Jim Lynch: So Jane, why is it you keep adapting my novels to the stage? I’m flattered but there are so many books out there. Why mine?
Jane Jones: Well…ok, gotta admit, I think you’re great. Great. And you write about our region and community from an insider’s perspective. You’re local for Pete’s sake, and your narrative really suits the Book-It Style. And Jim…what dialogue! An actor’s dream. You write people we either think we know or want to know. Killer.
Why do you keep letting Book-It adapt your work?
JL: I’ve had faith in Book-It ever since I met you in a coffee shop and you breathlessly asked for the rights to The Highest Tide. And I consider having you guys perform my first three books to be among my highest honors. I think Book-It is great at boiling novels down to their humor and emotion. (Huck Finn was a great example of that. The powerful way you built that Huck-Jim friendship.) And it’s humbling to see you attract such great actors to play people I invented. It amazes me how many readers have told me they’ve enjoyed my books on your stage.
It’s a flattering and surreal experience for authors to have Book-It perform their books. I’ve heard similar raves from Tom Robbins, Wally Lamb, Stephanie Kallos, Jess Walter, Ivan Doig, Garth Stein, and others. Did you realize when you and Myra started this craziness that you were going to fulfill authors’ dreams of having a performance that cuts so close to their words?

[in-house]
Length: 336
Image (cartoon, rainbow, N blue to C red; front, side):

JJ: Well…In the very beginning it was really an exercise. We never dreamed any of this. It was a way for us to find terrific material to present as theatre and within a short time we settled on a mission that included “inspiring our audience to read.” It was about two years before we ever had a “live” author attend any of our performances. It’s an honor to be so highly regarded by the very impressive list of ROCK STAR writers you just listed. I’m blushing.
Speaking of “live authors,” are you secretly terrified we will leave out your favorite part of your own novel? Who are you looking the most forward to seeing on stage in Truth Like the Sun? (I hope we haven’t cut that part! Yikes!)
JL: I like not knowing what you’re going to do. I have faith in your choice of scenes and material. And I’m well aware that I know very little about your art. The beauty of it is that I know you will nail plenty of scenes and surprise and entertain me and hopefully others with how they play out. My candid brother-in-law told me that he thought your version of The Highest Tide was better than the book. …As far as my hopes or fears on the play, I hope the leads relish their roles, that Roger is dazzling and mysterious and that Helen is a formidable and appealingly worthy adversary. I hope that the crowds immerse themselves in the iconic mojo of the 1962 World’s Fair. To have this book performed at Seattle Center seems perfect.
Tell me about adapting Truth. What’s been challenging about it? What’s been fun about it? And are you satisfied that you’ve come up with a cool way to jump back and forth in time?